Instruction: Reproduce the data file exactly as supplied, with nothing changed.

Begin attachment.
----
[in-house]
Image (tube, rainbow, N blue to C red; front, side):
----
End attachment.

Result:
[in-house]
Image (tube, rainbow, N blue to C red; front, side):